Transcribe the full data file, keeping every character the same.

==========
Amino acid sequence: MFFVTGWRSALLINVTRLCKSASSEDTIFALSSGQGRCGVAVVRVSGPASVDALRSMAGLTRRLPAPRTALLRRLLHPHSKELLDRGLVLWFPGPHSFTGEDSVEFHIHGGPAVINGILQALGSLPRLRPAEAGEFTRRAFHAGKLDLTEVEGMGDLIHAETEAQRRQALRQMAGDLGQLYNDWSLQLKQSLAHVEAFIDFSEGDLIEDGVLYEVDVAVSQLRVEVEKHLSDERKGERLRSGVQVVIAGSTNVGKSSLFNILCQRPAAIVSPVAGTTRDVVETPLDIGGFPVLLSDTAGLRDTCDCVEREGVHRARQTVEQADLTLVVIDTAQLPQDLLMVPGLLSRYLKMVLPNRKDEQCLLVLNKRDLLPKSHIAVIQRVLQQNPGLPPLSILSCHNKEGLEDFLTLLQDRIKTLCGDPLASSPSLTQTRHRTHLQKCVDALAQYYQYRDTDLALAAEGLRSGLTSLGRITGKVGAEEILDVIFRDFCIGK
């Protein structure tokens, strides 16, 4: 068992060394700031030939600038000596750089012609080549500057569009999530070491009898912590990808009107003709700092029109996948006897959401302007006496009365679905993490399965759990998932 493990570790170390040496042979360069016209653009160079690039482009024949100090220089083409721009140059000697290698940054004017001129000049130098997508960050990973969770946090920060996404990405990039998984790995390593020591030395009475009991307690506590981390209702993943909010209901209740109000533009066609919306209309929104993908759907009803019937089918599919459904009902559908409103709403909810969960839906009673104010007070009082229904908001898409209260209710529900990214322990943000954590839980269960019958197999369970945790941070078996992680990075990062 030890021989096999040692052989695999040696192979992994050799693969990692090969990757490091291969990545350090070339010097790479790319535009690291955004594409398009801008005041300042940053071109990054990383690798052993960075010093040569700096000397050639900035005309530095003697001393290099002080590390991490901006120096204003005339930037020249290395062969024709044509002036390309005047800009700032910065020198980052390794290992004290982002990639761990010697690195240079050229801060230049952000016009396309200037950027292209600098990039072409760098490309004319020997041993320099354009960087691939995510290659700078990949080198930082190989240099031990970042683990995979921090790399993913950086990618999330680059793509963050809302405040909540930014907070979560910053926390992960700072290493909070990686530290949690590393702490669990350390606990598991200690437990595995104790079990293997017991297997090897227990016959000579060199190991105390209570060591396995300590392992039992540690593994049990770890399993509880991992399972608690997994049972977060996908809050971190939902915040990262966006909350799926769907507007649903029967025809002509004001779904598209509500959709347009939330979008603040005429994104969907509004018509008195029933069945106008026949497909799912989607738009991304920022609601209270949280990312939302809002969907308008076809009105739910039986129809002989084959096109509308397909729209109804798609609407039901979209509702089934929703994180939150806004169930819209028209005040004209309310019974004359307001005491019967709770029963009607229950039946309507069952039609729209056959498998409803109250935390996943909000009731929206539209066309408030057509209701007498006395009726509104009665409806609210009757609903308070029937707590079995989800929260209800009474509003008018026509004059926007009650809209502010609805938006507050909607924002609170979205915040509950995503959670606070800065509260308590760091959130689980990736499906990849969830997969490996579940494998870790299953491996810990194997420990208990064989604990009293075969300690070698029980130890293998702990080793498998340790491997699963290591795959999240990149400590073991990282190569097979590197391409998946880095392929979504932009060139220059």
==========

Amino acid sequence: MFFVTGWRSALLINVTRLCKSASSEDTIFALSSGQGRCGVAVVRVSGPASVDALRSMAGLTRRLPAPRTALLRRLLHPHSKELLDRGLVLWFPGPHSFTGEDSVEFHIHGGPAVINGILQALGSLPRLRPAEAGEFTRRAFHAGKLDLTEVEGMGDLIHAETEAQRRQALRQMAGDLGQLYNDWSLQLKQSLAHVEAFIDFSEGDLIEDGVLYEVDVAVSQLRVEVEKHLSDERKGERLRSGVQVVIAGSTNVGKSSLFNILCQRPAAIVSPVAGTTRDVVETPLDIGGFPVLLSDTAGLRDTCDCVEREGVHRARQTVEQADLTLVVIDTAQLPQDLLMVPGLLSRYLKMVLPNRKDEQCLLVLNKRDLLPKSHIAVIQRVLQQNPGLPPLSILSCHNKEGLEDFLTLLQDRIKTLCGDPLASSPSLTQTRHRTHLQKCVDALAQYYQYRDTDLALAAEGLRSGLTSLGRITGKVGAEEILDVIFRDFCIGK
């Protein structure tokens, strides 16, 4: 068992060394700031030939600038000596750089012609080549500057569009999530070491009898912590990808009107003709700092029109996948006897959401302007006496009365679905993490399965759990998932 493990570790170390040496042979360069016209653009160079690039482009024949100090220089083409721009140059000697290698940054004017001129000049130098997508960050990973969770946090920060996404990405990039998984790995390593020591030395009475009991307690506590981390209702993943909010209901209740109000533009066609919306209309929104993908759907009803019937089918599919459904009902559908409103709403909810969960839906009673104010007070009082229904908001898409209260209710529900990214322990943000954590839980269960019958197999369970945790941070078996992680990075990062 030890021989096999040692052989695999040696192979992994050799693969990692090969990757490091291969990545350090070339010097790479790319535009690291955004594409398009801008005041300042940053071109990054990383690798052993960075010093040569700096000397050639900035005309530095003697001393290099002080590390991490901006120096204003005339930037020249290395062969024709044509002036390309005047800009700032910065020198980052390794290992004290982002990639761990010697690195240079050229801060230049952000016009396309200037950027292209600098990039072409760098490309004319020997041993320099354009960087691939995510290659700078990949080198930082190989240099031990970042683990995979921090790399993913950086990618999330680059793509963050809302405040909540930014907070979560910053926390992960700072290493909070990686530290949690590393702490669990350390606990598991200690437990595995104790079990293997017991297997090897227990016959000579060199190991105390209570060591396995300590392992039992540690593994049990770890399993509880991992399972608690997994049972977060996908809050971190939902915040990262966006909350799926769907507007649903029967025809002509004001779904598209509500959709347009939330979008603040005429994104969907509004018509008195029933069945106008026949497909799912989607738009991304920022609601209270949280990312939302809002969907308008076809009105739910039986129809002989084959096109509308397909729209109804798609609407039901979209509702089934929703994180939150806004169930819209028209005040004209309310019974004359307001005491019967709770029963009607229950039946309507069952039609729209056959498998409803109250935390996943909000009731929206539209066309408030057509209701007498006395009726509104009665409806609210009757609903308070029937707590079995989800929260209800009474509003008018026509004059926007009650809209502010609805938006507050909607924002609170979205915040509950995503959670606070800065509260308590760091959130689980990736499906990849969830997969490996579940494998870790299953491996810990194997420990208990064989604990009293075969300690070698029980130890293998702990080793498998340790491997699963290591795959999240990149400590073991990282190569097979590197391409998946880095392929979504932009060139220059």